About Michael Rafferty
Michael Rafferty started his career in philanthropy in 1981 when he took a job as a one-person development office for a small local affiliate of a national health agency. More than 35 years later, he has worn all of the hats of a development professional, ranging from that Jack-of-All-Trades position in 1981 to two stints as Vice President for Development and one as Executive Director. Michael lives in Brookline, Massachusetts with Julie Rafferty, his wife and business partner, and their dog Jackson. Jackson is Chief of Security at Rafferty Communications Strategies.
A career in the non-profit sector
During his 30+ years in fundraising and communications, Michael Rafferty has honed his skills through experiences ranging from grassroots start-up efforts to $90 million capital campaigns, from community-organized special events to seven-figure major-gift solicitations.
Michael’s development expertise is in strategic fundraising planning for small and large non-profit organizations. Much of his most recent work is for organizations where the direct beneficiaries of the organization’s service are not themselves philanthropic prospects. His skills include prospect identification, cultivation and solicitation; corporate and foundation relations; grant writing; volunteer management; and strategic communications.
In recent years Michael has also expanded his activities to include freelance writing, where he has a special expertise in translating complex scientific concepts for lay audiences and writing compelling patient and donor stories. His work has appeared in Harvard Medical School’s alumni magazine, on Harvard’s Office of Technology Development website, the Boston College School of Nursing alumni magazine, and Esperanza Magazine, a mental health magazine where he has a regular column.
Unlike many consultants, Michael’s career has included more than 20 years working directly for non-profits and having front-line responsibility for reaching annual fundraising goals. He has served as director of development at United Cerebral Palsy of Metropolitan Boston, director of corporate and foundation relations at Dana-Farber Cancer Institute and Brigham and Women’s Hospital, vice president for development at Big Brothers of Metro Boston and Tufts Medical Center, and executive director of the Brookline High School 21st Century Fund.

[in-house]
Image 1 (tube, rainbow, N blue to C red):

In each of these roles his responsibilities included overseeing corporate and foundation fundraising; maintaining a portfolio of major gift prospects; creating major fundraising events ranging from dinners to marathon teams to on-air telethons; managing prospect research; serving as fundraising’s liaison with fiscal services departments; and serving as the primary contact with experts in all fields of medicine; social services; and public school education.
His fundraising accomplishments include leading a three-person team that launched the Jimmy Fund’s Triple Winner Program, an in-store fundraising project for Dana-Farber that raised $1 million in its first year and has since raised more than $60 million. Michael also secured $3.6 million from the Cornelius Starr Foundation and Liberty Mutual Corporation in start-up funding for Dana-Farber’s Cancer Risk and Prevention initiative in the Department of Cancer Epidemiology, a program at the forefront of discovery of genetic risk of certain cancers.
Also at Dana Farber, he secured funding from a “grateful patient” family to start and endow an annual President’s Award for Excellence in Nursing and led a successful effort to complete a challenge grant from the Kresge Foundation that funded a new Laboratory of X-Ray Crystallography, a basic science program central to rational drug design.
At Brigham and Women’s Hospital, his responsibilities included serving as the lead fundraiser for the Brigham’s Community Health programs, for the Department of Endocrinology and for the Department of Anesthesiology.
While at the Brigham, he secured a $300,000 grant from the Iacocca Foundation to start a Diabetes During Pregnancy initiative and assisted in securing a $1 million planned gift for the Department of Endocrinology.
He also launched the Hospital’s Boston Marathon team, recruiting and supporting a team of 50 runners in the first year and 100 runners in subsequent years, all committed to raising funds on behalf of Community Health. That effort was decisive in meeting a $250,000 challenge grant from the Amelia Peabody Charitable Trust.
(Running the Boston Marathon team eventually led Michael to join the team and run his first – and to date only – marathon. He finished in 15,156th place.)
To learn more, visit Michael’s LinkedIn page.
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